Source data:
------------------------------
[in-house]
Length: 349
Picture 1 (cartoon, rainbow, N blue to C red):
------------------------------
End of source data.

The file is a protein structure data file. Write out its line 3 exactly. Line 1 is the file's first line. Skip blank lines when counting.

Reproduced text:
Picture 1 (cartoon, rainbow, N blue to C red):